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Thread: How much Chemistry in Neuroscience?

  1. #1 How much Chemistry in Neuroscience? 
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    To those who have studied neuroscience or are fairly familiar with Neuroscience, how much chemistry are involved in Neuroscience, percentage-wise?

    and how about other components like Psychology & Biology?you can fill other components and the percentage of content in if you think Iíve missed them out.thanks for your knowledge and feedback. cheers


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  3. #2  
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    Quote Originally Posted by mrsmile View Post
    To those who have studied neuroscience or are fairly familiar with Neuroscience, how much chemistry are involved in Neuroscience, percentage-wise?
    and how about other components like Psychology & Biology?you can fill other components and the percentage of content in if you think Iíve missed them out.thanks for your knowledge and feedback. cheers.

    Neuroscience
    1. the study of the anatomy, physiology, biochemistry and pharmacology of the nervous system

    Psychology
    1. the science of the mind or of mental states and processes.
    2. the science of human and animal behavior.
    3. the sum or characteristics of the mental states and processes of a person or class of persons, or of the mental states and processes involved in a field of activity

    www.dictionary.com

    I am not a neuroscientist but can tell you with some conviction that it would be difficult to accurately estimate the chemistry component of the field of neuroscience as a percentage. (And, potentially, pointless.. why do you wish to do this?). As a field of study, psychology is on the other end of the spectrum from neuroscience, if that makes any sense? Psychology could be seen as an emergent property of neuroscience. I.e. the way that neuronal networks are physically and structurally wired, rates of firing etc. may inform mechanisms underlying psychology. The reductionist approach is based on the premise that psychology can be better understood ultimately by studying neuroscience. It would therefore seem inappropriate to speak of psychology as a major component of neuroscience (this would be like 'the tail wagging the dog'). On the other hand, biology forms a major component of neuroscience. Note that there are not rigid boundaries between subjects in reality, we only really categorise for convenience; biochemistry, for example, underpins a lot of neuroscience.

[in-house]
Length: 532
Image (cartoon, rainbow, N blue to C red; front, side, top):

Best wishes,

    Tri~


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  4. #3  
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    I plan to major in Neuroscience while minoring in Psychology. By this statement of yours,

    "The reductionist approach is based on the premise that psychology can be better understood ultimately by studying neuroscience. It would therefore seem inappropriate to speak of psychology as a major component of neuroscience (this would be like 'the tail wagging the dog')",

    do you think I should major in Psychology and minor in Neuroscience, instead? but would that mean I might lack the laboratory work experience necessary to venture deeper into the biological basis of psychology?
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  5. #4  
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    Quote Originally Posted by mrsmile View Post
    I plan to major in Neuroscience while minoring in Psychology. By this statement of yours,

    "The reductionist approach is based on the premise that psychology can be better understood ultimately by studying neuroscience. It would therefore seem inappropriate to speak of psychology as a major component of neuroscience (this would be like 'the tail wagging the dog')",

    do you think I should major in Psychology and minor in Neuroscience, instead? but would that mean I might lack the laboratory work experience necessary to venture deeper into the biological basis of psychology?
    This is a decision that only you can make, and only you should make. Questions that might help in reaching the right decision: Which subject most interests you? In which field do you wish to work after graduation? Which of those subjects, as a major, would be most likely to help you progress into that field of work?

    Best wishes,

    Tridimity
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